Teaching is one of those great professions that have the capacity to impact lives. For many people, it is more a calling than just a job.
Teachers make an indelible mark on the minds of young people that lasts a lifetime. There are a number of people who have written eloquently about the positive impact of teachers in their lives, including a recent Another Voice by SUNY Buffalo State President Katherine Conway-Turner.
Yes, the profession has come under quite a bit of scrutiny. Testing has been a hot-button issue.
It is difficult, if not impossible, to truly know where students’ strengths and weaknesses lie without testing. By the same token, it is difficult to know how well the teacher is teaching without measurements.
None of these factors should discourage someone interested in pursuing the field. Nancy L. Zimpher, chancellor of the State University of New York, and MaryEllen Elia, commissioner of the state Education Department, have embarked upon the challenging task of convincing potential teachers of this fact.
The two leaders – in what is being touted as an unprecedented partnership between SUNY and the state Education Department “to collectively address a significant and growing teacher shortage” – were recently at the University at Buffalo South Campus on Main Street on the fourth stop of their statewide “listening tour” for the new TeachNY initiative. The campaign is promoting the teaching profession, which is necessary as baby boomers retire and millennials choose other fields.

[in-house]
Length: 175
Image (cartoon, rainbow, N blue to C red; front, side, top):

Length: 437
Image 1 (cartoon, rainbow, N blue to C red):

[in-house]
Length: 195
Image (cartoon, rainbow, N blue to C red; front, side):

New York will need 6 percent more teachers by 2022, or about 1,700 teachers a year, according to statistics from the state Department of Labor. Western New York will need 4 percent more teachers by 2022, or an additional 90 teachers a year.
The UB Graduate School of Education has launched its own program to recruit top students to enter the profession. SUNY Buffalo State has a tradition of training teachers.
Teaching was never known to be lucrative, although the health care and pension benefits package has been the object of private-sector envy as health care costs have risen and pensions disappeared. But the work is hard.
It is not an easy nine months or so with lazy summers. The requirements for teachers are high – usually, a minimum of a master’s degree and continued education. And then there are the lesson plans, parent-teacher conferences and long hours spent grading papers and exams. And that is only the tip of the iceberg. How many teachers – urban, suburban and rural – purchase school supplies using their own hard-earned money?
But there are also huge rewards, including the student, now an adult, who recognizes his teacher in a chance encounter at a store or restaurant and gushes about what a difference her dedication made. How it changed the student’s life and put him on the right path.
Zimpher and Elia will no doubt make a convincing case when it comes to the priceless gift teaching offers: the ability to impact lives.